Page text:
​GARLIC PLANTING GUIDE - Organic Heirloom Gardens

​GARLIC PLANTING GUIDE - Organic Heirloom Gardens

Posted by Organic Heirloom Gardens on Sep 22nd 2018

  • Fall planting is recommended for most areas. Garlic roots develop in the fall and winter, and by early spring they can support the rapid leaf growth that is necessary to form large bulbs. Southern areas can also plant in the early spring.
  • Garlic likes well drained soil with plenty of compost mixed in. Full sun is needed for the biggest bulbs to develop.
  • In areas that get a hard frost, plant garlic as early as 6 to 8 weeks before the first expected fall frost date, before the ground freezes. The timing may vary with local climate; the aim is to give a long enough period before the ground freezes for the plant to develop good roots, but not enough time to for it to form top growth before freezing temperatures set in. In northern climates, planting is usually between September and November. In southern areas, February or March is a better time to plant.
  • An addition of lime or other organic fertilizers mixed into the soil at time of planting can be beneficial.
  • Keep papery shells on cloves, break apart bulbs a few days prior to planting. Choose largest cloves for planting.
  • Do not plant cloves from the grocery store. Most are treated for longer shelf life and can contain disease as well.
  • Place cloves 3 to 6 inches apart and 1.5 inches deep, in their upright position. Root side down, pointed side up.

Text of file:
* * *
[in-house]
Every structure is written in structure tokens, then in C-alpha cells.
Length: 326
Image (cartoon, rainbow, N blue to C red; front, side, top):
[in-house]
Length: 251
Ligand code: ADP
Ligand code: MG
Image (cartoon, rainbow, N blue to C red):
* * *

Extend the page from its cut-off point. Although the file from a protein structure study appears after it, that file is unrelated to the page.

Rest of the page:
• Rows spaced 5 to 10 inches apart. 2-6 rows in group, then space row groups 18-24 inches so you have room to walk down and weed.


  • Use mulch and straw for overwintering in cold areas.
  • Remove mulch in spring when new growth appears.
  • Cut off any flower shoots that emerge in spring. These may decrease bulb size.
  • Fertilize garlic in the early spring. Compost and other natural fertilizers.
  • Fertilize again in May.
  • Weed thoroughly.
  • Keep Nitrogen levels high.
  • Water every 3 to 5 days late in season, starting in May. Slow watering as harvest approaches.


Garlic is known to keep pests away. It has very few diseases that will affect it.

  • White Rot is a fungus that attacks garlic, onions, and other plants in the same family. It happens in the cool months mostly. Rotate your garlic planting areas if this disease appears. It can live in the soil for several years. Till the soil up for sunlight exposure to help kill it.


  • Harvest is usually July-August. The sign to look for is yellowing and browning tops.
  • Take one or two bulbs out of the soil as a sample.
  • Dig plants with fork, do not pull unless your soil is VERY loose.
  • Leave yellow/brown top on the bulbs for drying. Put on rack or hang in bundles tied together. Low humidity, high air flow.
  • Once the bulbs dry you can cut off the remaining tops and roots. This will prepare them for storage or sale.
  • Store bulbs in cool, dry place. No basements, no refrigerators. 38-42 degrees is optimal but even higher temps will work.
  • Bulbs can be stored for 1 year and even longer in some cases with ideal conditions.